Rosberg upbeat despite Mercedes problems
Mercedes called a halt to their first day of 2013 Formula One testing on Tuesday after Nico Rosberg stopped on track with an electrical problem and flames flaring briefly around the back of his car.
The team said the gremlins would be fixed before Lewis Hamilton, the 2008 world champion, makes his test debut with them on Wednesday.
“After identifying the cause of the problem, we will not be running again today whilst parts are modified ready for tomorrow,” Mercedes said on their Twitter feed.
“The part which requires modification is the wiring loom where the electrical fault originated this morning.”
Mercedes were fifth overall last season and have struggled to impose themselves since taking over the world championship-winning Brawn GP team in 2009.
Rosberg completed 14 laps at the Jerez circuit in the F1 W04 car that he and Briton Hamilton, who has moved from McLaren, unveiled to the world at the Spanish circuit on Monday.
Despite the lack of running, the German said his first impressions were “very good, very positive”.
“I can guarantee you it will be a big step forward, but of course everybody else is also moving forward and we’re hoping that we’ve closed the gap,” he told reporters outside the Mercedes hospitality.
“Last year it was nearly more than a second...and we have to get closer for sure and we will, we will get closer,” added the son of 1982 champion Keke.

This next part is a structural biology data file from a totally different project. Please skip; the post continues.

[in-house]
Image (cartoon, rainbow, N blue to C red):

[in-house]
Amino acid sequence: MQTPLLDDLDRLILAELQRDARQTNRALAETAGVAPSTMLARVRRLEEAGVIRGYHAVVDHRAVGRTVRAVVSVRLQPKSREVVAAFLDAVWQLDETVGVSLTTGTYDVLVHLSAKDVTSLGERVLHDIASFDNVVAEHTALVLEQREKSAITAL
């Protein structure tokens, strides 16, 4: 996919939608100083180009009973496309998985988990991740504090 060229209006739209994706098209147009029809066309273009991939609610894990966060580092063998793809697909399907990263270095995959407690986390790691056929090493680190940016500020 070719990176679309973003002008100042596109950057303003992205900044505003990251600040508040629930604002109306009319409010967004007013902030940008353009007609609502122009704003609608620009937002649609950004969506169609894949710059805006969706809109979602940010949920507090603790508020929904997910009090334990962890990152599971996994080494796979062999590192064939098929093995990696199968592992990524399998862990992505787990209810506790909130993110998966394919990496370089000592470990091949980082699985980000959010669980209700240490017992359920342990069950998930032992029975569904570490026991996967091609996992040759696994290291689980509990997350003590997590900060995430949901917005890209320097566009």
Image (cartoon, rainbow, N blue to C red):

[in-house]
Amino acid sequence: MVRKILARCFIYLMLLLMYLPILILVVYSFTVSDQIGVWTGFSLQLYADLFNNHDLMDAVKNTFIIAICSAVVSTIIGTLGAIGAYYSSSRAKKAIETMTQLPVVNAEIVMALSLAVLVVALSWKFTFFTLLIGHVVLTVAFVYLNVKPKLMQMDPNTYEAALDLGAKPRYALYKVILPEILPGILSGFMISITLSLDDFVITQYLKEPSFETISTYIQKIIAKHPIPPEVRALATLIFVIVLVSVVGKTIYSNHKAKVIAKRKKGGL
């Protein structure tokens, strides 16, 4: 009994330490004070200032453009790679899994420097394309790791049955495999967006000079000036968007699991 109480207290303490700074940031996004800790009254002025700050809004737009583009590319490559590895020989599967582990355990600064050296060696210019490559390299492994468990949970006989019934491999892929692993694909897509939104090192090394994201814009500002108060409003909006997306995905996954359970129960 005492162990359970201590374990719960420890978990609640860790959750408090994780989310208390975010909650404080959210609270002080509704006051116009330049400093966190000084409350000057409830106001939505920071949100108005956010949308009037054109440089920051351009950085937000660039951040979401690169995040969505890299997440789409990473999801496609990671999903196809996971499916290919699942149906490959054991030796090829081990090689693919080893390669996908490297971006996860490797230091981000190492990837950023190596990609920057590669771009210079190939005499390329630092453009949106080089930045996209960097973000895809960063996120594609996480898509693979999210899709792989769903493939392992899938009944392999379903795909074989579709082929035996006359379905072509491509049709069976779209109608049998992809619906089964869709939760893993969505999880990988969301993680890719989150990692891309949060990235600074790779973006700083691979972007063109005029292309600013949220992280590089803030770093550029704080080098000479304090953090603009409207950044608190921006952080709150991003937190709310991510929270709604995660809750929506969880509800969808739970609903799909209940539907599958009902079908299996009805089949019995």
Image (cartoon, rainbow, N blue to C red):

“I think they’ve given us a good base now and it’s up to us make the most of it here, find all the problems as we’ve done today and also improve it and feed back to the factory what are the main things that are still holding us back, what are the main things they need to keep working on.”
Rosberg, starting his fourth season with the British-based team, said it was too early to say whether the car was quick enough but it was enjoyable to drive and the balance was good.
Rosberg, who won in China last year, said he was sure the team could be competitive and dismissed a suggestion that the focus might quickly turn to 2014, when the regulations undergo a major change.
“We are fully concentrated on 2013 because we as Mercedes need to make it happen also this year. So it’s full speed ahead for 2013,” he said.
“Improvement can also be in being more consistent through the year. Not like last year where we started OK and then completely fell off.
“Improvement would also be a very OK car through the whole season with a win or two maybe. What we need is progress, we need to move forward and go through the season thinking now we are on the right track to become the best.”
The 2013 season starts with the Australia Grand Prix on March 17.
Hamilton, who replaces Germany’s seven-times world champion Michael Schumacher, could have a hard road ahead of him before the regulations change.